Common coaching misstepsOct 15, 2021
The coaches with the best intentions, those driven by the heart with all the passion there is….
Are often the coaches with the least successful clients.
And in the worst-case scenario: they 𝗮𝗰𝗰𝗶𝗱𝗲𝗻𝘁𝗮𝗹𝗹𝘆 𝗲𝗻𝗰𝗼𝘂𝗿𝗮𝗴𝗲 𝗰𝗹𝗶𝗲𝗻𝘁𝘀 𝘁𝗼 𝗡𝗢𝗧 𝗰𝗵𝗮𝗻𝗴𝗲.
All while meaning well and truly trying to help.
What’s happening here?!
Issue: You are immediately providing suggestions and solutions to your clients. They came to you because you’re an expert with all the answers, right?
Why this might be problematic: In an effort to help your clients, you miss out on the opportunity to help them CHANGE.
What you can try instead: Ask your clients what worked for them in the past and what ideas they might have before you start listing off your suggestions.
Issue: Ignoring the bad and only focusing on the good. As a coach, you should always focus on your clients’ strengths and dismiss their slip-ups, right?
Why this might be problematic: Without properly addressing the slip-ups, your client won’t be prepared to handle similar situations in the future.
What you can try instead: Normalize the “mistakes” and empathize with them. Ask your client what they might do differently next time they’re in a similar situation and help them formulate a game plan.
Issue: Allowing clients to attempt to make massive changes. They’re excited to get started and want to do all the things! As a coach, we should let them, right?
Why this might be problematic: Your client is riding on a sense of hope. They want to do it all, but they might be overzealous, and their self-efficacy will tank when they can’t meet their expectations.
What you can try instead: Ask your client about their current lifestyle and have them determine what they’re most confident they can achieve.
Issue: Only discussing the benefits of changing with your client. After all, you shouldn’t discuss the benefits of NOT changing with your client, right?
Why this might be problematic: You’ll miss out on crucial information about your client, such as the reasons why their current, less healthy, lifestyle works for them.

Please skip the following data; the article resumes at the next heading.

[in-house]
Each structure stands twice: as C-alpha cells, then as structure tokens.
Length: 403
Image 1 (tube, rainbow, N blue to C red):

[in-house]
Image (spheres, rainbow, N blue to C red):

What you can try instead: Ask your client about the good that comes from their unhealthy behaviors. This strategy often results in them saying “...BUT” and providing reasons for change.
The UNDERLYING issue
You aren’t the only one who faces these issues. It’s common among coaches, and that’s because there’s an underlying issue.
Unfortunately, there is a lack of education and understanding regarding human behavior, mindset, and psychology.
You can be a GOOD COACH but have poor client retention, adherence, and overall success due to a lack of training in these areas.
Areas that I refer to as the “art” of coaching. This is often the missing piece.
Contrary to popular belief
You might not need a fancy sales funnel, prettier website, or more client resources to lEvEL uP your coaching game.
You might... just need to be a better coach.
I know this isn’t what you want to hear, but it might be what you need to hear. And it’s not your fault — this stuff isn’t taught in certifications.
In fact, it’s placed pretty far down on the “importance totem pole” in coaching education, period.
It takes two to tango
If you feel like your clients are resisting change, there’s a good chance they’re actually resisting you. While that definitely sucks to hear, it’s not a career ender. In fact, being aware that you need to make certain improvements as a coach will help you and your clients!
And I’m not about to leave you hanging high and dry. Like I said, if you’re experiencing these issues you are not alone. This is why the Health Mindset Coaching Certification exists.
If you’re interested in learning how to cultivate a growth mindset and guide your clients to sustained behavior change using evidence-based practices in psychology, you need to sign up for the next round of my Health Mindset Coaching Certification.